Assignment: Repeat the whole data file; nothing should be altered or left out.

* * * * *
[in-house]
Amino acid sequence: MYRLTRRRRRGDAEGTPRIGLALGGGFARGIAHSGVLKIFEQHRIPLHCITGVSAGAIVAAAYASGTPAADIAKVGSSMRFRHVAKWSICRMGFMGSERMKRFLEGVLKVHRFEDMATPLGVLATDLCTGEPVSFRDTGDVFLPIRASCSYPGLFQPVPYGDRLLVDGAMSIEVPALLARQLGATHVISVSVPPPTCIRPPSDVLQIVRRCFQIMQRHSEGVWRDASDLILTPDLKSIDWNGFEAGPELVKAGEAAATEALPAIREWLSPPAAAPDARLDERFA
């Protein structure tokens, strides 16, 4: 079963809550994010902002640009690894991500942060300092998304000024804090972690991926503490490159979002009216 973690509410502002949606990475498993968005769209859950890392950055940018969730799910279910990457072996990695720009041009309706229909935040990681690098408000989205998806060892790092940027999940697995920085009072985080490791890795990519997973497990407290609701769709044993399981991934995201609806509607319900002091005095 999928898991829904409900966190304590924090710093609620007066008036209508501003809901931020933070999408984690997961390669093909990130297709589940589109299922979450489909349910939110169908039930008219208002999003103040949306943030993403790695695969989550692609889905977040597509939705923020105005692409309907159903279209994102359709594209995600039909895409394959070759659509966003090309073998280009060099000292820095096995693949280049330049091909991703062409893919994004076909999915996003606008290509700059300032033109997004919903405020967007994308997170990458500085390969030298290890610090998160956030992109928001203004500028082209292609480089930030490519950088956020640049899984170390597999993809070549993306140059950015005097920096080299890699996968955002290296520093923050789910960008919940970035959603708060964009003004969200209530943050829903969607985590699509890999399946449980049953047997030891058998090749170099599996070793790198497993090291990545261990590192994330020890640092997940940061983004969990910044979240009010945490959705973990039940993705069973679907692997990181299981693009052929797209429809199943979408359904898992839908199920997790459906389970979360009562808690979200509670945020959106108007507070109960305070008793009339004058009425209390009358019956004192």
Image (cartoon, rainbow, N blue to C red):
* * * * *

[in-house]
Amino acid sequence: MYRLTRRRRRGDAEGTPRIGLALGGGFARGIAHSGVLKIFEQHRIPLHCITGVSAGAIVAAAYASGTPAADIAKVGSSMRFRHVAKWSICRMGFMGSERMKRFLEGVLKVHRFEDMATPLGVLATDLCTGEPVSFRDTGDVFLPIRASCSYPGLFQPVPYGDRLLVDGAMSIEVPALLARQLGATHVISVSVPPPTCIRPPSDVLQIVRRCFQIMQRHSEGVWRDASDLILTPDLKSIDWNGFEAGPELVKAGEAAATEALPAIREWLSPPAAAPDARLDERFA
């Protein structure tokens, strides 16, 4: 079963809550994010902002640009690894991500942060300092998304000024804090972690991926503490490159979002009216 973690509410502002949606990475498993968005769209859950890392950055940018969730799910279910990457072996990695720009041009309706229909935040990681690098408000989205998806060892790092940027999940697995920085009072985080490791890795990519997973497990407290609701769709044993399981991934995201609806509607319900002091005095 999928898991829904409900966190304590924090710093609620007066008036209508501003809901931020933070999408984690997961390669093909990130297709589940589109299922979450489909349910939110169908039930008219208002999003103040949306943030993403790695695969989550692609889905977040597509939705923020105005692409309907159903279209994102359709594209995600039909895409394959070759659509966003090309073998280009060099000292820095096995693949280049330049091909991703062409893919994004076909999915996003606008290509700059300032033109997004919903405020967007994308997170990458500085390969030298290890610090998160956030992109928001203004500028082209292609480089930030490519950088956020640049899984170390597999993809070549993306140059950015005097920096080299890699996968955002290296520093923050789910960008919940970035959603708060964009003004969200209530943050829903969607985590699509890999399946449980049953047997030891058998090749170099599996070793790198497993090291990545261990590192994330020890640092997940940061983004969990910044979240009010945490959705973990039940993705069973679907692997990181299981693009052929797209429809199943979408359904898992839908199920997790459906389970979360009562808690979200509670945020959106108007507070109960305070008793009339004058009425209390009358019956004192």
Image (cartoon, rainbow, N blue to C red):